Articles | Volume 23, issue 4
Research article
02 Mar 2023
Research article |  | 02 Mar 2023

Why do inverse models disagree? A case study with two European CO2 inversions

Saqr Munassar, Guillaume Monteil, Marko Scholze, Ute Karstens, Christian Rödenbeck, Frank-Thomas Koch, Kai U. Totsche, and Christoph Gerbig


Interactive discussion

Status: closed

Comment types: AC – author | RC – referee | CC – community | EC – editor | CEC – chief editor | : Report abuse
  • RC1: 'Comment on acp-2022-510', Anonymous Referee #1, 24 Aug 2022
  • RC2: 'Comment on acp-2022-510', Anonymous Referee #2, 23 Sep 2022
  • AC1: 'ACs on RC 1 and RC2', Saqr Munassar, 21 Nov 2022

Peer review completion

AR: Author's response | RR: Referee report | ED: Editor decision
AR by Saqr Munassar on behalf of the Authors (21 Nov 2022)  Author's response    Author's tracked changes    Manuscript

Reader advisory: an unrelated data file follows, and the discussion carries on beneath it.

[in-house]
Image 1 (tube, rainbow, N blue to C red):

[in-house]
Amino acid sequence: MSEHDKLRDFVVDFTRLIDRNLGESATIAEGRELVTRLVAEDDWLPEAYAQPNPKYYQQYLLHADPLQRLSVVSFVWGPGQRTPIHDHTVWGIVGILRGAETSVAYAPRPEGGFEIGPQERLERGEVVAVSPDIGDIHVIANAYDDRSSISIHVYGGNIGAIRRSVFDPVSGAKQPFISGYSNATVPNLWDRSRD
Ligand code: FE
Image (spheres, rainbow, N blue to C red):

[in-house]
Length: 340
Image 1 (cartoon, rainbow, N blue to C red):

ED: Referee Nomination & Report Request started (30 Dec 2022) by Susannah Burrows
RR by Anonymous Referee #2 (12 Jan 2023)
RR by Anonymous Referee #1 (21 Jan 2023)
ED: Publish as is (08 Feb 2023) by Susannah Burrows
AR by Saqr Munassar on behalf of the Authors (10 Feb 2023)  Author's response    Manuscript
Short summary
Using different transport models results in large errors in optimized fluxes in the atmospheric inversions. Boundary conditions and inversion system configurations lead to a smaller but non-negligible impact. The findings highlight the importance to validate transport models for further developments but also to properly account for such errors in inverse modelling. This will help narrow the convergence of gas estimates reported in the scientific literature from different inversion frameworks.
Final-revised paper